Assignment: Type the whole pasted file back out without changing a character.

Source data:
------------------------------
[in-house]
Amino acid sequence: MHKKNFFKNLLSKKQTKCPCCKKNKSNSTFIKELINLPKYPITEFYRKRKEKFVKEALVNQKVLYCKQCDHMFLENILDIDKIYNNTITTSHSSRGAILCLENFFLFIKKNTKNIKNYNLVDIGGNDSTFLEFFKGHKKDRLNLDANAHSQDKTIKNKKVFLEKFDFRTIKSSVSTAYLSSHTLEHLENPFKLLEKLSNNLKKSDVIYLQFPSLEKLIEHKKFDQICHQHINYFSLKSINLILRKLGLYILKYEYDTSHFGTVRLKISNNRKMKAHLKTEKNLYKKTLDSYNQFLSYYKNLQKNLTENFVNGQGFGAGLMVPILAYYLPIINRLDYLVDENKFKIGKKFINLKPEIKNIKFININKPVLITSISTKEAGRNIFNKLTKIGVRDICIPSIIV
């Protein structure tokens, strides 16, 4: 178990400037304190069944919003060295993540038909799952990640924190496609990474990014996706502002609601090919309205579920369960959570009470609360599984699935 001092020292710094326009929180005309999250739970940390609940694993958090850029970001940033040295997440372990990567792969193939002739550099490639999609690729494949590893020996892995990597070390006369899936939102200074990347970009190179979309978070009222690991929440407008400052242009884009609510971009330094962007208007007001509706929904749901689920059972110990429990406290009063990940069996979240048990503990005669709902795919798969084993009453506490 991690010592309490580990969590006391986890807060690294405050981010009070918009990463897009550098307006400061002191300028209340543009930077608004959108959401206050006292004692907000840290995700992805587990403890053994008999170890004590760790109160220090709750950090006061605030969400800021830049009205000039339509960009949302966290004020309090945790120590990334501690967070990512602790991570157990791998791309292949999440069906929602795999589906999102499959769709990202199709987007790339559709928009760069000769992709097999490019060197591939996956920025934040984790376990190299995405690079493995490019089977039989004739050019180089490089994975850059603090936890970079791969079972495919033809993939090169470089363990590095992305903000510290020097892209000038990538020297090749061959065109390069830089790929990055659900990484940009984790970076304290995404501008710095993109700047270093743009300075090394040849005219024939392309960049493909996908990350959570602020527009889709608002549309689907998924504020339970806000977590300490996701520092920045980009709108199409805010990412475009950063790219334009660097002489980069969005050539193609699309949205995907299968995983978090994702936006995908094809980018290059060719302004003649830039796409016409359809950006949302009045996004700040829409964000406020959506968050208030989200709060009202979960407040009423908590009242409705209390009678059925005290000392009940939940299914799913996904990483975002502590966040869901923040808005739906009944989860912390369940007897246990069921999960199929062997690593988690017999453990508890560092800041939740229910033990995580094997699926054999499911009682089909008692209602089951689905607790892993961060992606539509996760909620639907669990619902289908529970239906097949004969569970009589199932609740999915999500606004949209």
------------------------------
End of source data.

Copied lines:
[in-house]
Amino acid sequence: MHKKNFFKNLLSKKQTKCPCCKKNKSNSTFIKELINLPKYPITEFYRKRKEKFVKEALVNQKVLYCKQCDHMFLENILDIDKIYNNTITTSHSSRGAILCLENFFLFIKKNTKNIKNYNLVDIGGNDSTFLEFFKGHKKDRLNLDANAHSQDKTIKNKKVFLEKFDFRTIKSSVSTAYLSSHTLEHLENPFKLLEKLSNNLKKSDVIYLQFPSLEKLIEHKKFDQICHQHINYFSLKSINLILRKLGLYILKYEYDTSHFGTVRLKISNNRKMKAHLKTEKNLYKKTLDSYNQFLSYYKNLQKNLTENFVNGQGFGAGLMVPILAYYLPIINRLDYLVDENKFKIGKKFINLKPEIKNIKFININKPVLITSISTKEAGRNIFNKLTKIGVRDICIPSIIV
């Protein structure tokens, strides 16, 4: 178990400037304190069944919003060295993540038909799952990640924190496609990474990014996706502002609601090919309205579920369960959570009470609360599984699935 001092020292710094326009929180005309999250739970940390609940694993958090850029970001940033040295997440372990990567792969193939002739550099490639999609690729494949590893020996892995990597070390006369899936939102200074990347970009190179979309978070009222690991929440407008400052242009884009609510971009330094962007208007007001509706929904749901689920059972110990429990406290009063990940069996979240048990503990005669709902795919798969084993009453506490 991690010592309490580990969590006391986890807060690294405050981010009070918009990463897009550098307006400061002191300028209340543009930077608004959108959401206050006292004692907000840290995700992805587990403890053994008999170890004590760790109160220090709750950090006061605030969400800021830049009205000039339509960009949302966290004020309090945790120590990334501690967070990512602790991570157990791998791309292949999440069906929602795999589906999102499959769709990202199709987007790339559709928009760069000769992709097999490019060197591939996956920025934040984790376990190299995405690079493995490019089977039989004739050019180089490089994975850059603090936890970079791969079972495919033809993939090169470089363990590095992305903000510290020097892209000038990538020297090749061959065109390069830089790929990055659900990484940009984790970076304290995404501008710095993109700047270093743009300075090394040849005219024939392309960049493909996908990350959570602020527009889709608002549309689907998924504020339970806000977590300490996701520092920045980009709108199409805010990412475009950063790219334009660097002489980069969005050539193609699309949205995907299968995983978090994702936006995908094809980018290059060719302004003649830039796409016409359809950006949302009045996004700040829409964000406020959506968050208030989200709060009202979960407040009423908590009242409705209390009678059925005290000392009940939940299914799913996904990483975002502590966040869901923040808005739906009944989860912390369940007897246990069921999960199929062997690593988690017999453990508890560092800041939740229910033990995580094997699926054999499911009682089909008692209602089951689905607790892993961060992606539509996760909620639907669990619902289908529970239906097949004969569970009589199932609740999915999500606004949209």